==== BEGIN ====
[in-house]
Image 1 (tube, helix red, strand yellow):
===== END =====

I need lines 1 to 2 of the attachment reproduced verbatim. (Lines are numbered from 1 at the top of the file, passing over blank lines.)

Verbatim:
[in-house]
Image 1 (tube, helix red, strand yellow):